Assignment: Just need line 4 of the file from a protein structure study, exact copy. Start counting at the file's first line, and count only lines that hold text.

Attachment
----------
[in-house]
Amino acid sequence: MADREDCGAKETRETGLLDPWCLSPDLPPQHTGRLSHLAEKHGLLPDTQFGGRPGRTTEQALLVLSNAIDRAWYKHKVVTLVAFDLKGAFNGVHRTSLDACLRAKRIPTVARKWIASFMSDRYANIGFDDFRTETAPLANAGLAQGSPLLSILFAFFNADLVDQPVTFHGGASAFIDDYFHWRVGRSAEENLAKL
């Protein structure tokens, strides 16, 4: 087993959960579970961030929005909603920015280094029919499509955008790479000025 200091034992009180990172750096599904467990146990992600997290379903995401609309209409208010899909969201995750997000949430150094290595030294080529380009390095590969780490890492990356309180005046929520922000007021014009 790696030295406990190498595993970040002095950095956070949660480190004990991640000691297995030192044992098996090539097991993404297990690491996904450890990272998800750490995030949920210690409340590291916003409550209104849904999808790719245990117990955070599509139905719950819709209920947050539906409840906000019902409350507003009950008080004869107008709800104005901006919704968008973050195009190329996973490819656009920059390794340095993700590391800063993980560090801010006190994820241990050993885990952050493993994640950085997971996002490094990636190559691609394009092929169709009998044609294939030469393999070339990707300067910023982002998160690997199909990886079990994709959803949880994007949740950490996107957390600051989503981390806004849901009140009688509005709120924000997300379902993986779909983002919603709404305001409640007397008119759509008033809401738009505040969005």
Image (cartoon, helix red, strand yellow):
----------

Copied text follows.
Image (cartoon, helix red, strand yellow):